I'm Gay, Fat, and Single. Nothing to Worry About Though
When you get to the age of 26-27, you start to realize that your Facebook and social media accounts become flooded with “I’m engaged!”, “We are getting married!”, “We are having kids!” and so on and so forth. It can be alarming, a bit consuming, and can make you analyze your life in terms of progress with the typical “societal” factors of where you should be around that age. For me, I’m in my early 30’s and happen to not be in a relationship, somewhat overweight, and openly gay. Should I be concerned that these things aren’t happening for me at this time in my life?
Turning 30 can have a myriad of reactions depending on the type of person you are. For example, my best friend turned 30 two years ago, and she became a volcano of emotions which erupted when the cake her mom was making came out a different color than it was supposed to be. This led to her admissions of hating that she was single, not in the best shape of her life, bad job, and so on and so forth. The cake wasn’t representative of her anger, but it was the catalyst that made her think that everything in her life is wrong. But do all of those things really matter just because of a number?
Societally speaking, when someone turns 30, you either start or are in the process of wanting to find a mate for a relationship. For me though, dating in and out of the NYC gay scene has been interesting, funny, pathetic, and so many other ways to describe dating in general. In my 20’s, I had one long term relationship that lasted for a year, and a couple 3 to 4 month ones that didn’t work out for its own reasons. Do I regret any of them? No, they are all life lessons that I have learned from and do my best to not make the same mistakes in future dating/relationship scenarios. When you are in a city like New York, your career is somewhat put at the forefront, especially if you are a go-getter like myself.
Nine years ago, I couldn’t find a job in this economy after college and that has changed drastically for the positive over the past year or so. Clearly, my 20’s were about building my brand and myself, yet in the back of my head, I do wonder that if I put the effort that I did with my career into a relationship, would I be further along with the latter like I am with the former? I’m not sure at this point.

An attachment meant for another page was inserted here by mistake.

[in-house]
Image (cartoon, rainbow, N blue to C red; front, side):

Another thing that people seem to always hone in on is weight. I have discussed weight in several related articles, as mine has yo-yo’d up and down for years. Due to one of my jobs as a food critic and traveling all the time, it becomes hard for me to make time for the gym, which then leads to a ton of excuses as to why I have not gone. In the past five years, I have put on a good 40-50 pounds, and can definitely feel it. Yes, I have to go to the XL and XXL section sometimes, and I’ll try to make time for the gym, however I have built a big confidence in myself over the past couple of years where people see me for me and not because I’m textbook “overweight”. I’ll have another piece of cake if I want it, thank you very much.
For me, turning 30 was more of an accomplishment as I have been through quite a lot in my life. I lost my mother to cancer at a young age, survived the economy and am doing pretty well for myself, given the scenarios. So, for me, instead of dwelling on what I don’t have, I try to focus on what I do.
So many of us are focused on what we can improve on what we aren’t happy with, but don’t sit back for a second and see what we have actually accomplished. So the f**k what if I am single? So what if I’m fat? So what if I would rather spend my nights with an order of Steamed Dumplings and my Roku than perusing the bar scene until 2:00 AM? Stop focusing on what you think society wants out of you and focus on what YOU want out of you. Doing so will make the number 30 just that, a number.
This was created by one of our Contributing Writers and does not reflect the opinion of Instinct Magazine or the other Contributing Writers when it comes to this subject.